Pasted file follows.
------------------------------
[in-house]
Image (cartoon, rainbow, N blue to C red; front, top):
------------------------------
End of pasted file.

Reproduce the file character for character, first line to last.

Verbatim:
[in-house]
Image (cartoon, rainbow, N blue to C red; front, top):